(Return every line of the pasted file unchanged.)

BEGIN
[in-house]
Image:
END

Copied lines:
[in-house]
Image: